Today I received notification from Matador Records that I have been awarded honorable mention in Belle & Sebastian’s Write About Love essay contest. We were limited to 300 words, and I did the best I could with what time I had. We honorable mention essay writers will receive an autographed copy of the band’s 2010 album, Write About Love. I thoroughly enjoyed it when it came out, and I look forward to rediscovering it on vinyl.
To see the list of writers who received honorable mention, go to:
Without further ado, here is my essay (So excited that Stuart Murdoch actually read it!):
In American pop-culture, love is depicted as something like a euphoric fog that rolls in, colors life for a time, and disappears without warning. When I was single, I desperately wanted to capture this fog for myself, but I suspected that only equipment devised by the Ghostbusters could ever capture something so phantasmal. It was like trying to capture lightning in a bottle.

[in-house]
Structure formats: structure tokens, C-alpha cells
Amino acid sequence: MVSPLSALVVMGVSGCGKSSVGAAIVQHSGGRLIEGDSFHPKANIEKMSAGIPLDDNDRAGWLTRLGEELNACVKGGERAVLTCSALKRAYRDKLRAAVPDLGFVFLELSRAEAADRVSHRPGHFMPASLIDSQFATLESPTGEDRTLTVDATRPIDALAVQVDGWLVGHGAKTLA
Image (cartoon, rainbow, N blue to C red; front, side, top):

Movies and television largely focus on the fleeting fluttering of love in its earliest stages. Two people meet, combine, and explode in the chemistry lab of life. But these rapturous days are all too often mistaken for the whole of the relationship and its end goal. When the fog of infatuation evaporates, the two hapless saps who fumbled together in love’s fog see one another clearly – and seeing does not necessarily lead to believing.
As a married man I am learning that love is a choice. It is, to paraphrase Jesus, the choice to lay down one’s life for another. I do not always want to treat my bride kindly. Sometimes I want to Air Mail her to Uzbekistan. But loving her means kindness is a must, regardless of how I feel at the moment. Chosen love then, is more noble and hard-won than any love that descends in an opiate fog, unbidden and unwarranted.
People think love dies – that rigor mortis of the heart sets in with finality. When the euphoric fog lifts, however, it is not a death but an opportunity. It is a call to bury the old love so it can spring up and flower into something different but still beautiful. Love is not a matter of capturing lightning in a bottle. It is a chance to tend the ground where lightning has struck, and cultivate something like a garden there.